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Reviewed by Kimberlee J Benart for Readers' Favorite
I like memoirs that highlight the contributions of (so called) “ordinary Americans.” Patrolling the Heart of the West: True Tales of a Nevada State Trooper by Steve Raabe is one of those contributions. Told in an engaging style and often punctuated with humor, these vignettes give you a glimpse into the challenges faced by the highway patrol. Some of it is downright funny, like when an inebriated man from California thought that’s where he still was. Some of it is tragic, like the loss of lives in accidents that could have been avoided. Some of it is unforgettable, like escorting, losing, and finding Vice President Gore, all in one day; or helping to dig up the remains of one of the victims of Claude Dallas. Some days you go home, knowing you almost didn’t, like when a drug cartel member shoots himself in the head instead of you.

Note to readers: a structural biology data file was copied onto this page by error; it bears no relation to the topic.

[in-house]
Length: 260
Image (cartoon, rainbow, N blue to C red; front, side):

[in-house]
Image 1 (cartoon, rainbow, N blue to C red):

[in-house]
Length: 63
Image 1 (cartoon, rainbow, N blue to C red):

Steve Raabe is a fifth generation Nevadan who entered the highway patrol in 1980 and retired as a lieutenant in 2001. From his many years of experience, he offers these stories as both entertainment and education. “It is my hope,” Raabe writes, “that these stories will help people understand the duties, dangers, and experiences of state troopers patrolling the remote highways of the western United States. Some of my tales are funny, others are sad; some describe people who experienced an unbelievable amount of luck, and others who had no luck at all.” While he doesn’t hold back on criticism where it’s merited, his accounts reflect the importance of a reasonable attitude and good humor. Whether you have an interest in law enforcement, are a fan of all things Nevadan, or just want to enjoy a good book that you won’t want to put down once you start reading it, you’ll find Patrolling the Heart of the West to be a memorable read. Highly recommended.